Through this 6-week programme, the objective was to measure improvements in pain and physical function of participants with OA in their hip, knee, or both. The study would compare these results against a control group with no aquatic physiotherapy. Furthermore, the study would determine if participants continued a therapy regimen independently after the initial 6-week programme, and a follow up to see which benefits were maintained during another 6 weeks later (Day et al., 2007).

The study searched for participants that were over 50 years old, with hip or knee osteoarthritis. Advertisements were placed in several venues to recruit participants, including libraries, doctors’ offices, orthopaedic clinics, and within both print and radio media. The study excluded potential participants that showed specific contraindications, such as significant back pain, recent joint injections, recent surgery, lower-limb joint replacement, and those that were unable to safely enter and exit a pool.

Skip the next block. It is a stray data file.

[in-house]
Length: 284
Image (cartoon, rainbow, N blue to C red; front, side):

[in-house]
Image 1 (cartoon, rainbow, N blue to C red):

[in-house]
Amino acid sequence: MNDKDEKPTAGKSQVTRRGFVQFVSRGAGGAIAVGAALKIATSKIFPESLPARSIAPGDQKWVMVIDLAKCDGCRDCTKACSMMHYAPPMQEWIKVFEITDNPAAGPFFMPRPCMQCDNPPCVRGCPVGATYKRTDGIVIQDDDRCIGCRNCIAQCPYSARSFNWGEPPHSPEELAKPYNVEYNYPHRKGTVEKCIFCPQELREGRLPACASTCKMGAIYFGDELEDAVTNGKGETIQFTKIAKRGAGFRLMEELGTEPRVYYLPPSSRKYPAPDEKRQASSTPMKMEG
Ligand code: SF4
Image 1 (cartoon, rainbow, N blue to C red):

312 volunteers registered and were screened, of which 71 were selected as fitting the criteria and were subsequently enrolled in the study. An intervention group of 36 was established, with a control group of 35 also created with a plan that they would receive the aquatic treatment after the study in exchange for simply continuing their normal routine for the 6-week process. A sample size of 71 participants was selected to achieve a statistical significance level of 5% to detect a difference in pain of 2 cm (discussed later in the outcomes), allowing for participants who may drop from the programme (Day et al., 2007).